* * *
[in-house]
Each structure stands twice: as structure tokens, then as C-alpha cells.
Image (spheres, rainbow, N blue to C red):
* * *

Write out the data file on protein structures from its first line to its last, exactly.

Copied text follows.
[in-house]
Each structure stands twice: as structure tokens, then as C-alpha cells.
Image (spheres, rainbow, N blue to C red):